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I'd like to install a binary for only my user, because I don't have root, and therefore don't have access to /usr/bin. I've tried ~/bin, and it can't find the binary. I'm on Mac OS 10.6.7. Is there any other binary folder that can usually be user-modified, or any way to get it to recognize ~/bin?

My .profile:

# Setting PATH for Python 2.7
# The orginal version is saved in .profile.pysave
export PATH
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up vote 4 down vote accepted

A user's BASH environment variables can be defined in ~/.profile. Add a line to this file:

export PATH=$PATH:~/bin

To read the new PATH variable now:

. ~/.profile


source ~/.profile

(The . and source are synonyms.)

Then to see that the PATH variable was updated:

echo $PATH


I have never seen {} in a PATH environment variable?

export $PATH

Or create a text file containing a path in /etc/paths.d/ so all shells and users get the path...

echo "~/bin/" > /etc/paths.d/home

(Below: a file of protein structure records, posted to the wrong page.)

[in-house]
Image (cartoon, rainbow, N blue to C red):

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So you can add ~/bin (or preferably ~/.bin) to the list of places that it looks for binaries in? – tkbx Jan 19 '13 at 17:26
@tkbx that is what he is doin here. I don't think ~/.bin is preferable, as ~/bin is fairly standard and even configured by default in some operating systems. – jordanm Jan 19 '13 at 17:48
@tkbx The Mac is Darwin Unix, and the way to make a hidden file or directory in *nix is to start the name with a "dot", so ~/.bin/ creates a hidden directory. It would work either way, but ~/bin/ is normal. – Christopher Jan 19 '13 at 17:56
@Christopher I've edited my answer to show my .profile. How can I modify this to add ~/bin without breaking whatever is already there? – tkbx Jan 22 '13 at 19:27
@tkbx Updated. :) I think you have to log out and in again to use the /etc/paths.d/ method. – Christopher Jan 22 '13 at 19:51

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